Steven's Reviews > Flagrant Conduct: The Story of Lawrence v. Texas

Flagrant Conduct by Dale Carpenter
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Apr 17, 12

bookshelves: history, social-sciences
Read from April 06 to 16, 2012

A very readable history of one of the most important U.S. Supreme Court cases in my lifetime. You know -- Lawrence v. Texas, the one that said I was no longer living a life of crime just by leading my day-to-day life in my home state. From the incident itself (which probably didn't even really happen!) up through the final decision, this is really quite a riveting story. It was most interesting to see how a seminal case like this is handled by a national organization through the process, carefully ensuring that it makes its way to the highest court. I was really impressed by how smart and politically astute the Lawrence team was, and dumbfounded at the lackluster defense that Texas brought to the table. I got the impression that not a single judge who heard the case in Texas really thought that Texas' sodomy law made any sense, but most of them were to scared of the voters to do anything about it.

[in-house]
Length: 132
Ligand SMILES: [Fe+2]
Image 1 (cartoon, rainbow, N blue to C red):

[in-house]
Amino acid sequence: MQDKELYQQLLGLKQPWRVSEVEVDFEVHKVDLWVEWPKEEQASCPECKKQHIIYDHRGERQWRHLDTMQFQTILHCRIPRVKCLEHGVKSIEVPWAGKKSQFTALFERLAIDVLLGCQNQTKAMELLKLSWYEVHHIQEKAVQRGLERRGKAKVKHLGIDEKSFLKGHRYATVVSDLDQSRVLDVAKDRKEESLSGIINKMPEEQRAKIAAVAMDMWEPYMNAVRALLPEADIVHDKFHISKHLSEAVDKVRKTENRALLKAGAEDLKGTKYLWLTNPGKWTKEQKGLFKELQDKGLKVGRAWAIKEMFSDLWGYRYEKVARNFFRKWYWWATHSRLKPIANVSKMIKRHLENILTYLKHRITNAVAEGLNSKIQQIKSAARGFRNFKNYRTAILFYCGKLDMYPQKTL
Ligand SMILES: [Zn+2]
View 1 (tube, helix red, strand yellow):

If nothing else, I came away from this book convinced that Texas has GOT to reform it's constitution to do away with the election of judges.
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